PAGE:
Join us in Heidelberg or watch the event online at s.embl.org/codeoflife2017.
Take part in the conversation at #scisoc2017
This event is free of charge.
Late registration is possible. Please contact Diah Yulianti to get the registration link.
At the 2017 EMBL Science and Society symposium in Heidelberg, we will focus on the development of genome editing technologies and explore potential applications and exchange ideas about the social and ethical implications of these technologies.
The emergence of genome editing as a viable way to tackle disease in humans, animals and plants has hit the headlines. Recent applications have certainly been eye-catching: a child cured of leukaemia, mosquitoes resistant to malaria parasites and other stories have people thinking about how this technology might change the way we live. What new applications are in the pipeline - cures for HIV, new cancer therapies, improving IVF and fertility treatments? Will it be possible/permissible to transcend nature by ‘enhancing’ the genomes of a wide range of organisms, humans among them?
Technologies for cloning, shuffling, transferring, and recombining genes have been around for decades, but now these technologies have matured to the point that we may finally be in a position to start editing genomes in a more precise way. The real game changer has been the 2013 discovery of the CRISPR/Cas9 technique, which allows for cheaper, more accurate and easier editing of genomes. While it has promise for transforming our lives, there is a clear and immediate need to work through the ethical and social implications of its use.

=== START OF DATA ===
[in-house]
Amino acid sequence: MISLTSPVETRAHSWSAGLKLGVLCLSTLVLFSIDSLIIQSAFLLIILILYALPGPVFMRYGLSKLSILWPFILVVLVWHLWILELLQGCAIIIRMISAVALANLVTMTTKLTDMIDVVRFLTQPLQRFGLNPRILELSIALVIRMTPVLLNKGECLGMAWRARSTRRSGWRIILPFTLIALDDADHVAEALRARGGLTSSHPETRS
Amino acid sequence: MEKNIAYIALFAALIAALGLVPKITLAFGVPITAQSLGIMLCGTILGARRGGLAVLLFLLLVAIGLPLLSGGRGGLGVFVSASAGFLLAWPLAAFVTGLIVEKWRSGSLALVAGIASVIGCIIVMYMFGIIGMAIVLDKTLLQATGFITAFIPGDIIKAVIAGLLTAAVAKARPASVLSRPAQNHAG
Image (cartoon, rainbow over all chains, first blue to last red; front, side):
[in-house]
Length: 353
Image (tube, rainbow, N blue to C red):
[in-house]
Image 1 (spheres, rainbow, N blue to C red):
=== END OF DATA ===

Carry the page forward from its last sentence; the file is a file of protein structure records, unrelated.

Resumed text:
How do we balance the benefits to the health of humans, crops and the environment against the potential risks? And what if these new technologies pushed us gradually onto a slippery slope towards greater social inequality? At the EMBL Science and Society symposium 2017 we will explore these and many other questions.
The main aim of the EMBL Science and Society meetings is to present important areas of life science research in a manner accessible to all, and to promote reflection on their implications. At the same time, they should facilitate a broad dialogue between biologists, behavioral and social scientists, students of all disciplines, and members of the public.
Who should attend?
Everyone is welcome to attend free of charge.
For more information about previous meetings in the series please check the Science and Society website.